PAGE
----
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Making JavaScript Applications Degrade Gracefully

JavaScript is widely used for applications throughout the web. That's fine, but what happens when someone who has disabled JavaScript on their browser tries to use one of those applications? Nothing -- literally nothing. Fortunately, there is a way to make JavaScript degrade gracefully and improve your visitors' experiences. Keep reading to find out more. This article is the first in a series.

Author Info:
By: Alejandro Gervasio
Rating: 4 stars4 stars4 stars4 stars4 stars / 10
June 20, 2007
  1. · Making JavaScript Applications Degrade Gracefully
  2. · Working with combo boxes to extend a site's behavior with JavaScript
  3. · Making JavaScript degrade gracefully
  4. · Assembling all the pieces

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Making JavaScript Applications Degrade Gracefully - Making JavaScript degrade gracefully
(Page 3 of 4 )

As I expressed in the section you just read, the interaction between the two combo boxes shown in the previous hands-on example should be achieved in a different way, since its current incarnation is very poor. Therefore, I'm going to define a few simple JavaScript functions which will be responsible for adding dynamically via the DOM the second combo box to the online registration form.

Naturally, in this case the JavaScript functions will degrade gracefully too, since the functionality provided by the online form in question will remain closely the same.

Please take a look at the following group of JavaScript functions. They are tasked with dynamically adding the second combo box to the web document tree:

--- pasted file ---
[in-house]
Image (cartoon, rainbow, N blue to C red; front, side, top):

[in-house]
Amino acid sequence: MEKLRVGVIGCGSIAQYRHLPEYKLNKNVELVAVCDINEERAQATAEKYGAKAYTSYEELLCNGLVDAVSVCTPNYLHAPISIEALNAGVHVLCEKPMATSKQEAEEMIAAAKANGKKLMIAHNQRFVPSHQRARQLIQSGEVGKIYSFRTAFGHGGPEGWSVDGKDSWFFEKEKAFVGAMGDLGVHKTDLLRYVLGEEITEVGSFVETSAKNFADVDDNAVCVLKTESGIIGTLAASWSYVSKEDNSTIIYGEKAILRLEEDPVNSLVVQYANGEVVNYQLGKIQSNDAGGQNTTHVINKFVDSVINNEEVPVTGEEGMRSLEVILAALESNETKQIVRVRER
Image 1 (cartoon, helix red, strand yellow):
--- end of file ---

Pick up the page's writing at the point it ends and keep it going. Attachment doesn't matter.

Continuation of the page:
function displayCities(formElem){
   var div=document.getElementById('cities');
       // create general div container */
       var div=document.createElement('div');
       // create text paragraph
       var par=document.createElement('p');
       par.appendChild(document.createTextNode('Cities '));
       // create combo box
       var sel=document.createElement('select');
         var cities=new Array('Acton','Bangor','Boothbay',
'Brunswick','Cape Elizabeth','Columbia Falls','Cumberland',
'Dexter','East Boothbay','Falmouth','Gardiner','Gorham',
       for(var i=0;i<cities.length;i++){
         var option=document.createElement('option');
       // append combo box to paragraph
       // append paragraph to general div
       // append general div to form
   // check if the browser is DOM compatible
    var states=document.getElementsByTagName('form')[0].elements
      // trigger 'displayCities' function when 'States' menu

As shown above, the previous JavaScript functions have been defined in such a way that they can display the combo box containing several Maine cities if a user selects this state in the first menu. Nonetheless, in this case things are slightly different and better, since I didn't use ugly inline styles to show the combo box in  the browser.

So far, so good. At this point I built a simple online registration form that uses a few straightforward JavaScript functions to display an additional combo menu if users eventually select a concrete option. In this case I exemplified this common situation by using the names of some cities and states of the USA, but as you know, this is entirely modifiable and customizable. In addition, the JavaScript code is capable of degrading gracefully if scripting is disabled in the client, since the online registration form will still work with minor modifications.

So, having shown you the definitions for the JavaScript functions for dynamically adding the second combo box to the web document tree, it's time to move on and see how these functions can be linked to the corresponding online form, in this way completing the implementation of this practical example of building a simple JavaScript application that degrades gracefully.

Click on the link that appears below and keep reading.

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